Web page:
In many ways, Cynic’s 1993 debut full-length, Focus, was such a revolutionary recording that even by today’s standards it still sounds as current as ever. Its unparalleled uniqueness still produces amusement, especially among the legions of Progressive Metal enthusiasts. Could this album be the product of the musical maturity the young Floridian quartet found after recording their early demos? Was it maybe, the wizardry showcased by producer Scott Burns in one of his finest studio efforts ever? Or perhaps, could it be the result of a “butterfly effect”-like cosmic event happening on the other side of the galaxy? Whatever the case, the truth is that Focus rapidly became an instant musical landmark that established new standards within the world of extreme music. As founding member and guitarist/vocalist Paul Masvidal acknowledges: “We had something we were proud of. It succeeded and survived as a creative work and that’s really all that matters from an artistic standpoint. It also served the greater purpose of inspiring other musicians.”

To visually represent such an arresting musical work, Cynic chose a piece from the equally groundbreaking painter and sculptor, Robert Venosa. Even before recording a single note, the band had already considered using one of the New York-born artist’s pieces to front the Focus cover. “I was a fan of Venosa’s since early childhood and collected his postcards which were plastered all over my bedroom walls”, remembers Masvidal. “When we signed with Roadrunner, I remember needing to start thinking about an album cover and immediately gravitated towards Venosa since he was my favorite artist. I contacted his publisher and they gave me his home phone.”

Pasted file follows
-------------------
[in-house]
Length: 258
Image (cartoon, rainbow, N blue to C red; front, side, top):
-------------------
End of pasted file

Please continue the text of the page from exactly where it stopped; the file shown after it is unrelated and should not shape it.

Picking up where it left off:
Masvidal admits that meeting one of his artistic heroes became a star-struck moment: “I was shocked to learn he was a living being. I was literally a teenager and won’t ever forget how incredibly nervous I was to first speak with him.” Truly, there were enough reasons to feel amazed by Venosa‘s career. At that point, he already had under his belt a vast body of work that had been exhibited all over the world while being part of museum and private collections. He had studied under the guidance of surrealist masters Ernst Fuchs and Mati Klarwein, the latter widely recognized for his cover artworks for albums like Santana’s Abraxas and Miles Davis’ Bitches Brew. At one point Venosa had been even acclaimed by Spanish icon Salvador Dali who expressed being “pleased to see spiritual madness painted with such a fine technique.”